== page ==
by Robert Beeland, Kurt DeLay, and Joseph Marrasciullo
Monty Adams overlooks the Sherwood Mining Company’s quarry and the valley below.
UPDATE (6/9): A previous version of this article made mention of the State of Tennessee’s reallocation of land in Sherwood, stating that the land belonged to the Tennessee Land Trust. The land is, in fact, owned and managed by a set of State of Tennessee agencies, now reflected below.
The remnants of Gager Lime and Manufacturing Company are crouched in the shadow of the Tennessee Cumberland Plateau, alongside railroad tracks that run through the town, southward toward the Alabama border. Further down the road sits a convenience store, then an abandoned elementary school. A ways further, a cattle farm, further yet, a cemetery. As the sun creeps over the hilltop, sunlight crawls across the western face of the opposite side of the valley. Mourning doves usher in the dawn. As the sun climbs higher, the coos of the doves are edged out by the drone of cicadas and harsh chatter of crows. Light breaks over the crumbling roofs of the abandoned factory’s concrete silos, like jagged ramparts. Ozymandian, the ruins stand daunting, solemn and alone.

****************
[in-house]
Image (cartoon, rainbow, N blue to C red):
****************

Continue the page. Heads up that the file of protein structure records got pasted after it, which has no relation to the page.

Alone, that is, except for the almost comically out-of-place office building of the Sherwood Mining Company. Founded in 2006, the company takes advantage of the remains of the old Gager limestone mine, picking up where Gager left off almost 60 years later. Its office is less of a building and more of a small, portable office with a trailer hitch on one end and a wooden porch attached to the other. The office is empty; the mine’s remaining two full-time employees are back on the hill in the mine. A dump truck rattles down the road; gravel spills out the back.
The Sherwood Mining Company’s office.
Ten miles up the road, the University of the South sits atop the Cumberland Plateau, nestled in the rolling sylvan landscape of central Tennessee. Among the specialities the school offers, it is perhaps most known for the work of its faculty in forestry, geology, and ecology. It isn’t hard to imagine, considering the almost 13,000 acres of heavily forested land that the University claims. Extensive and diverse, this “backyard and living laboratory,” as it is described on the school’s website, is a dream come true for any scientist concerned with the environment. The academic buildings peak over the tree canopy, neo-gothic monuments of rust-tinted sandstone, dotted with stained glass windows and ornate spires.